Perhaps it's at least the end of a lousy metaphor. Late on New Year's Day, following a week of Congressional huffing and puffing and a month of media-amplified hysteria, the U.S. House voted 257-167 to accept a "fiscal cliff" deal brokered in the Senate – where the vote had been a surprisingly overwhelming 89-8 (three Dems and five Republicans against). In politico-psychological terms, the Senate got to play bipartisan grownup to the House's recalcitrant teenagers. The Senate agreement with the White House was stage-managed by Kentucky Republican Mitch McConnell and Vice President Joe Biden; House Republicans voted 151-85 against the bill, Democrats 172-16 in favor. (Essentially, despite broad GOP opposition to tax hikes without designated spending cuts, enough House Republicans wanted to avoid blame for "cliff-diving" to save the Senate bill.)
What will it do? It's a stopgap to avoid automatic across-the-board tax hikes and budget cuts that had been built into the Jan. 1 deadline, the alleged "cliff" that had all those $400 TV haircuts on fire. Taxes will rise on the highest earners ($400,000 and up, not the $250,000 threshold Barack Obama had wanted), and less glamorously but importantly, the deal bought another yearlong extension of unemployment benefits, as well as an extension of Medicare payments to doctors that otherwise would have been cut by 27%. And in a major if possibly temporary victory, neither Social Security nor Medicare is affected.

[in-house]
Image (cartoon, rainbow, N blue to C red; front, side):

There's also all of a two-month extension on "sequestration" cuts – just in time for the next "debt ceiling" showdown. Obama and the Dems are saying they will not negotiate on the ceiling – that is, raising the federal borrowing limit to pay debts already incurred – while the GOP reportedly sees that crisis as its next opportunity to force a White House surrender. Liberal economist Paul Krugman posted to his New York Times blog Wednesday morning, "[Obama] may say that he absolutely, positively won't negotiate over the ceiling – but nothing in his past behavior makes that believable."
Of the Texas caucus, both Sens. Kay Bailey Hutchison and John Cornyn voted to approve the deal, but Hutchison's replacement, Senator-elect Ted Cruz, said on Facebook that he would have voted no: "The real crisis – spending money we don't have and jeopardizing our children's future – remains totally unaddressed." On the House side, all Texas Democrats and just four Republicans supported the bill, including San Antonio/Austin's Rep. Lamar Smith. Austin/Houston GOP Rep. Michael McCaul released a statement: "At the end of the day I cannot support legislation that increases taxes $41 for every dollar of cuts." Look for much more fun in 2013.
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